12. Upper-mantle velocities below the Scandinavian Mountains from P- and S-wave traveltime tomography

    NASA Astrophysics Data System (ADS)

    Hejrani, Babak; Balling, Niels; Jacobsen, Bo Holm; England, Richard

    2017-01-01

    The relative traveltime residuals of more than 20 000 arrival times of teleseismic P and S waves measured over a period of more than 10 yr in five separate temporary and two permanent seismic networks covering the Scandinavian (Scandes) Mountains and adjacent areas of the Baltic Shield are inverted to 3-D tomograms of P and S velocities and the VP/VS ratio. Resolution analysis documents that good 3-D resolution is available under the dense network south of 64° latitude (Southern Scandes Mountains), and patchier, but highly useful resolution is available further north, where station coverage is more uneven. A pronounced upper-mantle velocity boundary (UMVB) that transects the study region is defined. It runs from SE Norway (east of the Oslo Graben) across the mountains to the Norwegian coast near Trondheim (around the Møre-Trøndelag Fault Complex), after which it follows closely along the coast further north. Seismic velocities in the depth interval 100-300 km change significantly across the UMVB from low relative VP and even lower relative VS on the western side, to high relative VP and even higher relative VS to the east. This main velocity boundary therefore also separates relatively high VP/VS ratio to the west and relatively low VP/VS to the east. Under the Southern Scandes Mountains (most of southern Norway), we find low relative VP, even lower relative VS and hence high VP/VS ratios. These velocities are indicative of thinner lithosphere, higher temperature and less depletion and/or fluid content in a relatively shallow asthenosphere. At first sight, this might support the idea of a mantle buoyancy source for the high topography. Under the Northern Scandes Mountains, we find the opposite situation: high relative VP, even higher relative VS and hence low VP/VS ratios, consistent with thick, dry, depleted lithosphere, similar to that in most of the Baltic Shield area. This demonstrates significant differences in upper-mantle conditions between the Southern

  13. Upper-mantle velocities below the Scandinavian Mountains from P- and S- wave traveltime tomography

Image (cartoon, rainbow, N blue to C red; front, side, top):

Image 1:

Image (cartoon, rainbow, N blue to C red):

NASA Astrophysics Data System (ADS)

    Hejrani, Babak; Balling, Niels; Jacobsen, Bo Holm; England, Richard

    2016-09-01

    The relative traveltime residuals of more than 20,000 arrival-times of teleseismic P- and S-waves measured over a period of more than 10 years in five separate temporary and two permanent seismic networks covering the Scandinavian (Scandes) Mountains and adjacent areas of the Baltic Shield are inverted to 3D tomograms of P- and S- velocities and the VP/VS ratio. Resolution analysis documents that good 3D resolution is available under the dense network south of 64° latitude (Southern Scandes Mountains), and patchier, but highly useful resolution is available further north, where station coverage is more uneven. A pronounced upper-mantle velocity boundary (UMVB) that transects the study region is defined. It runs from SE Norway (east of the Oslo Graben) across the mountains to the Norwegian coast near Trondheim (around the Møre-Trøndelag Fault Complex), after which it follows closely along the coast further north. Seismic velocities in the depth interval 100-300 km change significantly across the UMVB from low relative VP and even lower relative VS on the western side, to high relative VP and even higher relative VS to the east. This main velocity boundary therefore also separates relatively high VP/VS ratio to the west and relatively low VP/VS to the east. Under the Southern Scandes Mountains (most of southern Norway) we find low relative VP, even lower relative VS and hence high VP/VS ratios. These velocities are indicative of thinner lithosphere, higher temperature and less depletion and/or fluid content in a relatively shallow asthenosphere. At first sight, this might support the idea of a mantle buoyancy source for the high topography. Under the Northern Scandes Mountains we find the opposite situation: high relative VP, even higher relative VS and hence low VP/VS ratios, consistent with thick, dry, depleted lithosphere, similar to that in most of the Baltic Shield area. This demonstrates significant differences in upper mantle conditions between the Southern